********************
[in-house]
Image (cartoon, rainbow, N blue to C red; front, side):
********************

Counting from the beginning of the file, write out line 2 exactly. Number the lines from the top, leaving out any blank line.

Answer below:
Image (cartoon, rainbow, N blue to C red; front, side):